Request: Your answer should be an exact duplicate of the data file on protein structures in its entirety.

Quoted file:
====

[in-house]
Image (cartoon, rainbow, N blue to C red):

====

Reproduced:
[in-house]
Image (cartoon, rainbow, N blue to C red):